I am working on problem 00156, Anagrams.

I complied the code and it works perfectly fine on my side, but when i upload the code, it returns runtime error on the online judge.

I would like to understand where the error is, but I am quite new at C++, so please keep it simple, thank you in advance.

#include <cstdio>
#include <cstring>
#include <string>
#include <algorithm>
#include <vector>
using namespace std;

int main(){
    vector< string > ws, wf, wl;
    char wd[80]; scanf("%s", &wd);
    while(strcmp(wd, "#")){
        ws.push_back(wd);
        scanf("%s", &wd);
    }

    char *w;
    for(int i=0; i<ws.size(); i++){
        strcpy(w, (char*) ws.at(i).c_str());
        for(int j=0; j<strlen(w); j++) w[j] = (char) tolower(w[j]);
        sort(w, w+strlen(w));
        wf.push_back(w);
    }

    for(int i=0; i<ws.size(); i++){
        if(count(wf.begin(), wf.end(), wf.at(i))==1) wl.push_back(ws.at(i));
    }
    sort(wl.begin(), wl.end());

    for(int i=0; i<wl.size(); i++){
        printf("%s\n", wl.at(i).c_str());
    }

    return 0;
}
  • Please add the text of the run-time error message to your post. – Thomas Matthews Mar 31 '14 at 18:11
  • the run-time error message is not provided on the online judge, but the code produces no error and runs perfectly fine on my machine. – ongspxm Apr 1 '14 at 11:33

Here is your first error:

char wd[80]; scanf("%s", &wd);

This is undefined behavior. This is not how you use scanf() for string data. You are passing the address of the array instead of the address of the first element of the array (or even easier, just passing the name):

char wd[80]; scanf("%s", wd);

Second error:

char *w;
for(int i=0; i<ws.size(); i++){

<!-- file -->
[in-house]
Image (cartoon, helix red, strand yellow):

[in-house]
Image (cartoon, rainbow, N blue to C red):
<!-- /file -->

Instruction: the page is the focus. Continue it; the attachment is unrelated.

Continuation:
strcpy(w, (char*) ws.at(i).c_str());

w is an uninitialized pointer, yet you are filling what it points to with characters from ws. This is again, undefined behavior.

As to you being new to C++, put down the C books and learn C++ properly. Why are you using strcpy(), char arrays, and all sorts of C-isms in your code? Why not just use std::string for everything? Your first two errors would not have happened if you used std::string (for the first error, a usage of getline() instead of scanf() would have helped also).

Here is a rewrite of your code using std::string:

#include <vector>
#include <string>
#include <algorithm>
#include <cctype>
#include <iostream>

using namespace std;
//...

vector< string > ws, wf, wl;
string wd;
getline(cin, wd);
while(wd != "#")
{
    ws.push_back(wd);
    getline(cin, wd);
}

string w;
for(size_t i=0; i<ws.size(); ++i)
{
    w = ws[i];
    transform(w.begin(), w.end(), w.begin(), ::tolower);
    sort(w.begin(), w.end());
    wf.push_back(w);
}

Now does this solve your anagram problem? I don't know. The point is that the code will not crash or has undefined behavior. Every line you see above is well-defined, there are no "off by one" errors, no pointers to mess up, nothing. The input is not limited to 80 characters, no mistake-prone scanf()'s, etc..

If there is any issue, it is now confined in getting your algorithm/program to do the job, and not fighting with pointers and other issues that gets you side-tracked.

  • thanks for the answer, why does the code not return a runtime error on my machine, but does for the online judge? – ongspxm Apr 1 '14 at 11:35
  • 1
    Undefined behavior. If you overrun memory, there is no guarantee how your program will run or behave. – PaulMcKenzie Apr 1 '14 at 15:51

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